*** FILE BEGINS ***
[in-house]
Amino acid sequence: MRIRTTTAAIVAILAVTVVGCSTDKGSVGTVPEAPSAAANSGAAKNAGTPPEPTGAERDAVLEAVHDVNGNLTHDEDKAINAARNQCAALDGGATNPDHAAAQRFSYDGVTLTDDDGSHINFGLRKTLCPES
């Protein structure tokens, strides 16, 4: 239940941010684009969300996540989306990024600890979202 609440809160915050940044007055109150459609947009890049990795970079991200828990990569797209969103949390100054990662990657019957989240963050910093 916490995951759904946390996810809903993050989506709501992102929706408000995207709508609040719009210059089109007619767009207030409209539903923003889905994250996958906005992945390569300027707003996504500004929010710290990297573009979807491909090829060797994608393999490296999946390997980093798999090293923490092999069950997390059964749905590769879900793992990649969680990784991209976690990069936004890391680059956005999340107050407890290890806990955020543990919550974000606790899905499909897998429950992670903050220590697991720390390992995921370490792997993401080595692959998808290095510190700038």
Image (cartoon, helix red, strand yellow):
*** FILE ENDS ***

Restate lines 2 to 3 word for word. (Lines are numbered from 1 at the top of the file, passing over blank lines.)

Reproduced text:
Amino acid sequence: MRIRTTTAAIVAILAVTVVGCSTDKGSVGTVPEAPSAAANSGAAKNAGTPPEPTGAERDAVLEAVHDVNGNLTHDEDKAINAARNQCAALDGGATNPDHAAAQRFSYDGVTLTDDDGSHINFGLRKTLCPES
């Protein structure tokens, strides 16, 4: 239940941010684009969300996540989306990024600890979202 609440809160915050940044007055109150459609947009890049990795970079991200828990990569797209969103949390100054990662990657019957989240963050910093 916490995951759904946390996810809903993050989506709501992102929706408000995207709508609040719009210059089109007619767009207030409209539903923003889905994250996958906005992945390569300027707003996504500004929010710290990297573009979807491909090829060797994608393999490296999946390997980093798999090293923490092999069950997390059964749905590769879900793992990649969680990784991209976690990069936004890391680059956005999340107050407890290890806990955020543990919550974000606790899905499909897998429950992670903050220590697991720390390992995921370490792997993401080595692959998808290095510190700038």